The U.S. Food and Drug Administration today announced new actions to enhance the safety of reusable medical devices and address the possible spread of infectious agents between uses.
The new recommendations are outlined in a final industry guidance aimed at helping device manufacturers develop safer reusable devices, especially those devices that pose a greater risk of infection.
Medical devices intended for repeated use are commonplace in health care settings. They are typically made of durable substances that can withstand reprocessing, a multi-step process designed to remove soil and contaminants by cleaning and to inactivate microorganisms by disinfection or sterilization. While the majority of reusable devices are successfully reprocessed in health care settings, the complex design of some devices makes it harder to remove contaminants.
FDA’s guidance document, titled “Reprocessing Medical Devices in Health Care Settings: Validation Methods and Labeling” includes recommendations medical device manufacturers should follow pre-market and post-market for the safe and effective use of reprocessed devices.
A device manufacturer’s reprocessing instructions are critical to protect patients against the spread of infections. As part of its regulatory review for reusable medical devices, the FDA reviews the manufacturer’s reprocessing instructions to determine whether they are appropriate and able to be understood and followed by end users. The guidance lists six criteria that should be addressed in the instructions for use with every reusable device to ensure users understand and correctly follow the reprocessing instructions.
The guidance also recommends that manufacturers consider reprocessing challenges early in device design. Manufacturers will be expected to conduct validation testing to show with a high degree of assurance that their cleaning and disinfection or sterilization instructions will consistently reduce microbial contamination.
“Despite the recent concerns about multi-drug resistant bacteria infections associated with duodenoscopes, patients and health care providers should know that the risk of acquiring an infection from a reprocessed medical device is low” said William Maisel, M.D., M.P.H., deputy director for science and chief scientist at the FDA’s Center for Devices and Radiological Health. “This guidance is an important step toward further enhancing the safety margin by outlining for manufacturers the steps they should undertake to make their reprocessing instructions effective and clear to the healthcare community that uses them. Doing so should provide greater assurance to patients that the devices used on them are safe and effective.”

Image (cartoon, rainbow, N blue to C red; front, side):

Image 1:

The FDA issued a draft guidance discussing the reprocessing of reusable medical devices in 2011, and considered almost 500 comments before issuing the final guidance. The final guidance provides more clarity about testing protocols and what data should be submitted to the agency for a premarket submission, such as the data FDA needs to evaluate substantial equivalence for a 510(k) premarket submission.
Manufacturers seeking to bring to market certain reusable devices, such as duodenoscopes, bronchoscopes and endoscopes, should submit to the FDA for review their data validating the effectiveness of their reprocessing methods and instructions.
Separately, the FDA also announced in the Federal Register that the agency’s Gastroenterology and Urology Devices Panel of the Medical Devices Advisory Committee will hold a public meeting on May 14 and 15, 2015 to discuss recent reports and epidemiologic investigations of transmission of infections associated with the use of duodenoscopes in endoscopic retrograde cholangiopancreatography (ERCP) procedures in hospitals in the United States.
The FDA, an agency within the U.S. Department of Health and Human Services, protects the public health by assuring the safety, effectiveness, and security of human and veterinary drugs, vaccines and other biological products for human use, and medical devices. The agency also is responsible for the safety and security of our nation’s food supply, cosmetics, dietary supplements, products that give off electronic radiation, and for regulating tobacco products.